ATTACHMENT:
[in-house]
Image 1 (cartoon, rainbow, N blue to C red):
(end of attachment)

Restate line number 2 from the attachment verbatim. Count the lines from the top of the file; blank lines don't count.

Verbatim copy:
Image 1 (cartoon, rainbow, N blue to C red):